EGU24-20769, updated on 11 Mar 2024
EGU General Assembly 2024
© Author(s) 2024. This work is distributed under
the Creative Commons Attribution 4.0 License.

What controlled the Mediterranean Sea level during the Lago-Mare stage of the Messinian salinity crisis?

Daniel Garcia-Castellanos1, Hanneke Heida1, Dan Palcu2, and Vanni Aloisi3
Daniel Garcia-Castellanos et al.
  • 1CSIC - Geo3BCN, Barcelona, Spain (
  • 2Utrecht University
  • 3Institut de Physique du Globe de Paris

Stratigraphic and geochemical evidence suggests that the Mediterranean Sea underwent widespread salinization and a kilometer-scale evaporative drawdown between 5.97 to 5.33 million years ago, during the period known as the Messinian salinity crisis (MSC). The mechanisms responsible for the accumulation of one million cubic kilometers of salt on the sea floor and the impact on terrestrial and marine fauna and on climate are being better understood in the last decades. However, the presence of relatively fresh water sediment containing fossil fauna of eastern (Paratethyan) provenance in the last stages of the MSC poses severe problems to understand the ending of the crisis. These brackish-water deposits, known as the Lago-Mare unit, are sometimes found at elevations close to the present sea level, in apparent contradiction with the coetaneous evaporitic sediment found in deeper, central parts of the Mediterranean.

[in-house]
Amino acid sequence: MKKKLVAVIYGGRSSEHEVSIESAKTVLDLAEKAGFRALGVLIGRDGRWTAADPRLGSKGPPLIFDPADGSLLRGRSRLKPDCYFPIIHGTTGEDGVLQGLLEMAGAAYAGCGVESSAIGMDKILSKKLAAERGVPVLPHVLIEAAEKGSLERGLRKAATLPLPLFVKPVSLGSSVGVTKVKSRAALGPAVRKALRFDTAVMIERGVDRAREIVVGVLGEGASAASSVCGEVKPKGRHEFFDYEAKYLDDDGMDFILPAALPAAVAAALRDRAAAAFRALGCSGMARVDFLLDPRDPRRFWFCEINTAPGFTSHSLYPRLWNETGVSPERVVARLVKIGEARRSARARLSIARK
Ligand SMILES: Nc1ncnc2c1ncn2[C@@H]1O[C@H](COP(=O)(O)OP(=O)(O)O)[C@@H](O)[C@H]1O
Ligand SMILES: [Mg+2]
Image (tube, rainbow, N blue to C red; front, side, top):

We make use of landscape evolution models calibrated with sediment transport and river incision data to explore plausible scenarios of climate and sea level changes during the MSC. The results show that, upon full isolation, the large initial evaporative sea level fall of the Mediterranean leads to a progressive capture of the waters from nearby lacustrine basins such as the Black Sea or the Pannonian Basin. This drainage area expansion triggers a gradual sea level rise in the Mediterranean. Milankovic climate oscillations superimposed to this trend lead to large-amplitude (500-1000 m) harmonic sea level variations reaching ever-higher levels. This is consistent with the salt precipitation in deeper areas during lowstands and Lago-Mare deposition during highstands in marginal areas. This model may also explain the seemingly contradiction between the high-level Lago-Mare deposits and the km-scale sea level drop estimated from erosion markers and implicit in the Zanclean cataclysmic reflooding model.

How to cite: Garcia-Castellanos, D., Heida, H., Palcu, D., and Aloisi, V.: What controlled the Mediterranean Sea level during the Lago-Mare stage of the Messinian salinity crisis?, EGU General Assembly 2024, Vienna, Austria, 14–19 Apr 2024, EGU24-20769,, 2024.